“What’s crazy is if you or I did what is alleged we’d be fired on the spot no questions asked . . . and it would be the right thing, too.” That is what a former senior staff member to New York Gov. Andrew M. Cuomo (D) texted to a member of the governor’s staff after allegations became public that Mr. Cuomo had made sexual overtures to a young woman who had worked for him. To which the current staff member responded, “That’s the damn truth.” The exchange is detailed in a report that concluded Mr. Cuomo sexually harassed multiple women with conduct that broke state and federal laws. If there was any doubt about Mr. Cuomo’s fitness to continue in office, it was removed with the details of his treatment of women and the toxic culture of the governor’s executive chamber that enabled the harassment to occur.

A 165-page report released Tuesday by New York Attorney General Letitia James (D) paints a damning portrait of behavior by Mr. Cuomo and his senior staff. According to the outside investigators hired by Ms. James, the governor, 63, engaged in unwanted and inappropriate groping, kissing, hugging and comments that accusers called “humiliating, uncomfortable, offensive, or inappropriate.” His harassment was not limited to his own staff but extended to other state employees, including a state trooper, and members of the public. The environment in the governor’s office was described as abusive and vindictive; one woman who had publicly accused Mr. Cuomo of harassment was targeted for retaliation through the release of her personnel file.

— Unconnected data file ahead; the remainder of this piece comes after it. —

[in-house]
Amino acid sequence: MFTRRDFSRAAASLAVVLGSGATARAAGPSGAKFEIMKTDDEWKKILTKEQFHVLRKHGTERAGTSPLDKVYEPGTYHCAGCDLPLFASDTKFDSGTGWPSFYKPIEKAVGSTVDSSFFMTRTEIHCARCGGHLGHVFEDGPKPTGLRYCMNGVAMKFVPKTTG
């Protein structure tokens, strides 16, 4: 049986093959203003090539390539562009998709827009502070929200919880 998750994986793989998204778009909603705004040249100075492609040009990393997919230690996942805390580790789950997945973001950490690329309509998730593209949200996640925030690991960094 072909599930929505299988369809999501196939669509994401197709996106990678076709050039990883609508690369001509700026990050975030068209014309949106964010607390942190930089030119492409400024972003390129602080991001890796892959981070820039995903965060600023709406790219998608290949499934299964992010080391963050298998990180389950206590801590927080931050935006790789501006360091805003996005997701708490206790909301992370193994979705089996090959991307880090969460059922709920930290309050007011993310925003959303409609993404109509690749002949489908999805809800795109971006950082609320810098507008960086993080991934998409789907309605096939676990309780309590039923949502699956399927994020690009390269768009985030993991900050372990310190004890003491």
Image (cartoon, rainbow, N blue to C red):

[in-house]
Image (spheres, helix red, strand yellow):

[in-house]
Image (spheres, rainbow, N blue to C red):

“Our investigation revealed that these were not isolated incidents. They were part of a pattern,” said Joon H. Kim, a former top federal prosecutor, who was hired, along with Anne L. Clark, a respected employment lawyer, by Ms. James to examine the allegations against Mr. Cuomo. They interviewed 179 individuals and reviewed more than 74,000 documents to corroborate the claims of 11 women, all found to be credible.

Mr. Cuomo nonetheless seems to think he can tough out the scandal — staying in office and even running for a fourth term — with his characteristic bravado and bullying. On Tuesday, he again denied that he ever touched anyone inappropriately or made inappropriate sexual advances. During his interview with investigators, he suggested the complainants were motivated by politics or animosity, and he attacked the investigation as a ploy by Ms. James as she lays the groundwork for a possible gubernatorial run. Most insulting have been his attempts to portray his behavior as just simple, old-fashioned displays of affection, an effort that continued Tuesday with a contrived slideshow of him hugging and kissing people in public.

Make no mistake: What the witnesses described was sexual harassment. One woman recounted how the governor reached under her blouse and grabbed her breast. Another said he touched her on the stomach, running his hand across it from her belly button to her right hip, while she was holding a door open for him. “Something just happened and I can’t even type it out . . . GOING TO BURST INTO TEARS,” one woman texted a close friend contemporaneously with a conversation with Mr. Cuomo.

It is dispiriting to read in the report how the governor’s staff, acting either out of loyalty or fear, cosseted the governor and enabled his behavior. Even when they took action — transferring to another office a female assistant who had complained, or trying to prevent the governor from ever being alone with a woman — they seemed more intent on protecting him than the women he was allegedly victimizing.

While the report claims that Mr. Cuomo violated state and federal laws, Ms. James did not make a criminal referral. She said the report is public, and police and prosecutors can follow up. Certainly, it gives the Democrats who control the state legislature an obvious road map for impeachment.